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TRAI recommends lower domestic bandwidth rates

Special Correspondent

Releases consultation paper to promote further competition


The telecom authority said it intervened because competition was not fully effective.

NEW DELHI: After lowering the rates for international circuits on March 11, the Telecom Regulatory Authority of India (TRAI) on Thursday turned its attention to domestic bandwidth by directing a three to 70 per cent downward revision for various capacities. The revision in the ceiling tariff for domestic leased circuit, which will take effect from May 1, is being done after six years and is expected to help in the spread of broadband and Internet. Operators are allowed to offer rates lower than the ceiling fixed by the TRAI.

The TRAI also released a consultation paper asking for suggestions to promote further competition in the bandwidth market.

The TRAI has fixed revised ceiling tariff for the most commonly used capacities and speeds — 64 kbps, 128 kbps, 256 kbps, E1 (speed of 2 Mega bits per second), DS-3 (speed of 45 Mega bits per second) and STM-1 (speed of 155 Mega bits per second). The biggest reduction in absolute terms takes place in the higher speeds of 45 and 155 mbps. The ceiling tariffs will be reviewed after a year.

Domestic leased circuit (DLC) or domestic bandwidth is the medium of carriage of data and voice services within the country. It is provided by a number of players, including basic phone and unified access service providers, national long distance companies and infrastructure service providers category II. The key users in India include Internet service providers (ISPs), informational technology (IT) and IT-enabled service enterprises, telecom service providers and corporate enterprises.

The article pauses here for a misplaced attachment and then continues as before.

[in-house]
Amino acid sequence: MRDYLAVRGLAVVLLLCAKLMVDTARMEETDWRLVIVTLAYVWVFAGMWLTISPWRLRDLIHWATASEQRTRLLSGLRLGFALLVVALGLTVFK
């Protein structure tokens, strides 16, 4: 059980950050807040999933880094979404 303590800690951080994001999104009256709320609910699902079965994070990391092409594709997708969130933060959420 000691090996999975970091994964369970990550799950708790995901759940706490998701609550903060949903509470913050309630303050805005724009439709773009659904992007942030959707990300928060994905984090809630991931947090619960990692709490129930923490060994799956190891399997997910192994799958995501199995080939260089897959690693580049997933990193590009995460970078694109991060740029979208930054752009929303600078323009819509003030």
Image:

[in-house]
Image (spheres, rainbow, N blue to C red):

The telecom authority said it intervened because competition was not fully effective in the sector despite the presence of several players in the market and the reduction in costs due to rapid technological advances. Reductions were confined to selective routes and selective capacities. Another factor for stipulating fresh ceiling prices was that a competitively priced DLC service was fundamental to achieving a higher rate of penetration of broadband which had the potential to improve socio-economic opportunities, including in rural India. The TRAI has also said that discounts and ceiling tariffs when offered would be transparent and non-discriminatory based on laid down criteria and subject to reporting requirement.

`Bottom-up model'

In an attempt to prevent a backlash from the operators, the TRAI pointed out that the reduction would have been much more. But it deliberately adopted the `bottom-up model' instead of the `forward looking long run incremental cost', as is the international practice in order to prevent a `major shock' to the service providers.

It further recalled that the growth experienced in mobile telephony following the decline in tariffs. "It would be reasonable to expect that the same story would be repeated in the growth of broad band/Internet and other data and voice services that are crucially dependent upon domestic bandwidth," the TRAI noted.

`Below cost'

Bharat Sanchar Nigam Limited (BSNL) has said initial estimates show that the TRAI's fresh ceiling rates for domestic bandwidth were `below cost'. BSNL may forward its preliminary calculations to the TRAI along with a request to review the tariff.

At the same time the company said it was reviewing its tariff following the TRAI order which takes effect from May 1. In case the new ceiling rates are below cost, BSNL will be the biggest loser because it is the country's largest data service provider. The corporation manages a managed leased line network in over 200 cities. It also operates broadband services and offers a wide range of Intelligent network services in 578 urban centres. Its brand Sancharnet is also the biggest Internet service provider with 15 lakh subscribers.

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